Why do we do it?

People of all genders are vulnerable to slipping into performance mode.

Thanks to “ever-hard” penises in porn, many people with penises struggle with trying to meet this impossible standard. These individuals can get lost in trying to achieve an impossible standard of sexual performance.  

“I think men feel the need to perform more,” says Witt. “If their penis isn’t hard, they feel like they can’t please a woman. They try so hard, forgetting that just emotionally connecting with their partner needs to also be part of the experience.”

For women, who are susceptible to the same influence from porn, low self-esteem may factor in. This can also be coupled with a lack of knowledge about sex. 

“Some women perform in bed because they think this will make a man want the​​m,” adds Witt. “I think women perform as a means to attain an emotional commitment from a man. I also think that women perform because of naivete about sex. Because they haven’t explored themselves and figured out what they like sexually, they just fake orgasms.”

Getting out of performance mode

We are all susceptible to slipping into a sex routine when having sex. Performance mode may be an autopilot function that we are unaware of triggering until it’s too late.

Once you’ve recognized it, undoing it demands blunt honesty. Are you in a long-term partnership? Has your sex life been dominated by performance mode? If so, it’s time to have a challenging conversation. 

Set aside time when neither of you has any other commitments. Start a conversation, and explain how performing has impacted you and your shared sex life. Your partner may be hurt by the revelation that they have not seen the real you in bed. However, this is a necessary step to fixing the problem.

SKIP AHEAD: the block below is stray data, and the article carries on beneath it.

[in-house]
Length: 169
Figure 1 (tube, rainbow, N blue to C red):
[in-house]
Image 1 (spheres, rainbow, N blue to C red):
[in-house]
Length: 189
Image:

Explain how performance mode manifests. Outline the impact it has on your sexuality, and tell them that you want to work on healing this together. Then, teach your partner how to really pleasure you. Experiment together to reignite your natural flame and soon, performance mode will be a distant memory. 

For singles lost in performance mode, it can be time to pause casual sex and focus on self-pleasure. You can work to forge an honest connection between mind and body. Knowing exactly how to climax on your own will make it easier to communicate your needs to future partners. 

If you are nervous about explaining these newfound needs to a partner, break them down into single sentences, such as “I like my penis to be stimulated gently” or “I cannot orgasm from penetrative sex alone.” Practice saying them out loud.

This way, when sharing your body again, it won’t be the first time those words have left your mouth. Interweave the statements into the sexual build-up and use them to enhance the tension. 

When you are in the throes of sex, stay mindful of your body and thoughts. Keep grounded by focusing on the sensations your body is feeling. Allow stray thoughts to float away instead of engaging with them. 

If you do slip back into performance mode, do not punish yourself for it. It’s going to take practice to eradicate its influence and the journey is unlikely to be linear. 

Remember, while performance mode is most damaging to the person in it, your partner is missing out too.